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2013-05-29 - Colloque/Présentation - communication orale - Anglais - 15 page(s)

Konstantinidis Stéphanos , Geumez Gilles, Van Regemorter Tanguy, Cornil Jérôme , Snyders Rony , "OXYGEN-DEFICIENT ZIRCONIA THIN FILMS SYNTHESIZED BY REACTIVE MAGNETRON SPUTTERING." in ICMCTF, San Diego, USA, 2013

  • Codes CREF : Chimie des surfaces et des interfaces (DI1327)
  • Unités de recherche UMONS : Chimie des interactions plasma-surface (S882)
  • Instituts UMONS : Institut de Recherche en Science et Ingénierie des Matériaux (Matériaux)
  • Centres UMONS : Centre d’Innovation et de Recherche en Matériaux Polymères (CIRMAP)

Abstract(s) :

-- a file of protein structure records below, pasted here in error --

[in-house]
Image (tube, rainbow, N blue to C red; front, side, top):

(Anglais) Zirconium oxide (ZrOx) thin films were synthesized by DC reactive magnetron sputtering. A 3 cm- in diameter zirconium target was sputtered in Ar/O2 atmospheres (10mTorr). During the deposition process, the oxygen flow was controlled by means of a Plasma Emission Monitoring (PEM) device (speedflo, Gencoa Ltd.) by monitoring the Zr I lines. PEM allowed growing ZrOx films inside the so – called metal-oxide transition. X-Ray Photoelectron Spectroscopy data revealed that the films synthesized in the transition region are oxygen-deficient: ~10% of oxygen vacancies are incorporated in these films. The X-Ray Diffraction (XRD) patterns of these films exhibit reflections related to the high-temperature tetragonal and/or cubic phase of ZrO2. In contrast, XRD patterns of the stoichiometric films deposited in the fully oxidized regime present reflections emanating from the low-temperature stable monoclinic phase. Our data reveal that the film chemistry, especially the incorporation of oxygen vacancies, is a key feature for controlling the phase constitution of zirconia thin films. Quantum-chemical calculations based on the Density Functional Theory method are consistent with these experimental observations. As oxygen vacancies are introduced in the ZrO2 cell, the cubic phase is stabilized (by 20 meV/at. with ~10% of O vacancies in the cell) at the expense of the monoclinic structure. Finally, the oxygen-deficient 100 nm-thick films were annealed in air for 2 hours. It was found that the tetragonal/cubic phase was preserved up to 600°C.